Mass L. Usuf LL. B (Hons.) U.K., ACIS (U.K.) Attorney at Law (Ex-Advisor to the former Private Department of the President of U.A.E.)
Continuing worries of the Muslims of this country regarding the Government’s plan to meddle with the Muslim personal laws raised some concerns among the Arab and other Muslim nations worldwide. The Muslims have been practicing their personal laws from time immemorial from the times of ancient kings of Sri Lanka. With the several invasions by foreigners, the Muslim laws took the shape of codifications for example like the present Muslim Marriage and Divorce Act No. 13 of 1951 (MMDA). This was done to the other personal laws too.
It is an undisputable reality that these laws are deeply embedded within the psyche and ethos of the Muslim community. Moreover, since the MMDA also carries certain provisions directly relevant to the religion of Islam, such areas are considered sanctimonious. Tinkering with such provisions will be a violation of the principles of fundamental rights enshrined in Article 10 of the Constitution.
“Every person is entitled to freedom of thought, conscience and religion, including the freedom to have or to adopt a religion or belief of his choice.”
The substantive aspects of the MMDA laws, as is prevalent today, have been handed down from one generation to the other in an unbroken chain of succession. As a law, it has been received by the Muslims in toto and fully complied with in the highest spirit, giving it the true effect and meaning, of an accomplished piece of legislation.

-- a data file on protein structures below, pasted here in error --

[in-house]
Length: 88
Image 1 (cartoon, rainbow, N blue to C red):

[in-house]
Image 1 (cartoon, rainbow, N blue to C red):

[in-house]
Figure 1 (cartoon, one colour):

In the Report of the UN High Commissioner for Human Rights, Michele Bachelet, dated 28 February-1 April 2022, which is before the Human Rights Council’s 49th sessions in Geneva, she highlights continuing trends towards militarisation and ethno-religious nationalism that undermine democratic institutions, increase the anxiety of minorities, and impede reconciliation.
Among the several recommendations made by her, relevant to the subject is:
“Ensure inclusive and broad-based consultation in the drafting and amendment of key laws, including … the Muslim Marriage and Divorce Act and other personal laws;” (VI. Recommendations – 67. (i))
Basically, what it means in undiplomatic language, “no sham consultations to achieve objectives already decided”.
Until the emergence of Sinhala Buddhist extremism around 2008, there was absolutely no issue with regard to the MMDA. Sensing the imminent defeat of the LTTE, in its separatist war, certain monks with extreme views disseminated hate, suspicion and hostility against the Muslims. A clear racist agenda evolved targeting the Muslim community which found acceptance among the racist elements of the Sinhala majority. Ever since, anything and everything ranging from MMDA to women’s brassieres were used as a tool to malign, marginalise and ostracise the Muslims. The bitter truth is that the majority of the Sinhala people either believed or chose to remain silent in a state of ambivalence.